Now we will create a Hello World application that simply returns "Hello World" to any HTTP requests. This is a sample application that will help you get your Node.js set up, which you can replace it with your own application--just make sure that you modify your application to listen on the appropriate IP addresses and ports.

Because we want our Node.js application to serve requests that come from our reverse proxy server, web, we will utilize our app server's private network interface for inter-server communication. Look up your app server's private network address.

If you are using a DigitalOcean droplet as your server, you may look up the server's private IP address through the Metadata service. On the app server, use the curl command to retrieve the IP address now:

  • curl -w "\n"

You will want to copy the output (the private IP address), as it will be used to configure our Node.js application.

Hello World Code

Next, create and open your Node.js application for editing. For this tutorial, we will use vi to edit a sample application called hello.js:

  • vi hello.js

Insert the following code into the file, and be sure to substitute the app server's private IP address for both of highlighted APP_PRIVATE_IP_ADDRESS items. If you want to, you may also replace the highlighted port, 8080, in both locations (be sure to use a non-admin port, i.e. 1024 or greater):

var http = require('http');
http.createServer(function (req, res) {
  res.writeHead(200, {'Content-Type': 'text/plain'});
  res.end('Hello World\n');
}).listen(8080, 'APP_PRIVATE_IP_ADDRESS');
console.log('Server running at http://APP_PRIVATE_IP_ADDRESS:8080/');

Now save and exit.

This Node.js application simply listens on the specified IP address and port, and returns "Hello World" with a 200 HTTP success code. This means that the application is only reachable from servers on the same private network, such as our web server.

Test Application (Optional)

If you want to test if your application works, run this node command on the app server:

  • node hello.js

Note: Running a Node.js application in this manner will block additional commands until the application is killed by pressing CTRL+C.

In order to test the application, open another terminal session and connect to your web server. Because the web server is on the same private network, it should be able to reach the private IP address of the app server using curl. Be sure to substitute in the app server's private IP address for APP_PRIVATE_IP_ADDRESS, and the port if you changed it:

  • curl http://APP_PRIVATE_IP_ADDRESS:8080

If you see the following output, the application is working properly and listening on the proper IP address and port:

Node Application Output:
Hello World

If you do not see the proper output, make sure that your Node.js application is running, and configured to listen on the proper IP address and port.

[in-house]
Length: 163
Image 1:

On the app server, be sure to kill the application (if you haven't already) by pressing CTRL+C.

Install PM2

Now we will install PM2, which is a process manager for Node.js applications. PM2 provides an easy way to manage and daemonize applications (run them as a service).

We will use Node Packaged Modules (NPM), which is basically a package manager for Node modules that installs with Node.js, to install PM2 on our app server. Use this command to install PM2:

  • sudo npm install pm2@latest -g

Manage Application with PM2

PM2 is simple and easy to use. We will cover a few basic uses of PM2.

Start Application

The first thing you will want to do is use the pm2 start command to run your application, hello.js, in the background:

  • pm2 start hello.js

This also adds your application to PM2's process list, which is outputted every time you start an application:

┌──────────┬────┬──────┬───────┬────────┬─────────┬────────┬─────────────┬──────────┐ │ App name │ id │ mode │ pid │ status │ restart │ uptime │ memory │ watching │ ├──────────┼────┼──────┼───────┼────────┼─────────┼────────┼─────────────┼──────────┤ │ hello │ 0 │ fork │ 30099 │ online │ 0 │ 0s │ 14.227 MB │ disabled │ └──────────┴────┴──────┴───────┴────────┴─────────┴────────┴─────────────┴──────────┘

As you can see, PM2 automatically assigns an App name (based on the filename, without the .js extension) and a PM2 id. PM2 also maintains other information, such as the PID of the process, its current status, and memory usage.

Applications that are running under PM2 will be restarted automatically if the application crashes or is killed, but an additional step needs to be taken to get the application to launch on system startup (boot or reboot). Luckily, PM2 provides an easy way to do this, the startup subcommand.

The startup subcommand generates and configures a startup script to launch PM2 and its managed processes on server boots. You must also specify the init system you are running on, which is systemd, in our case: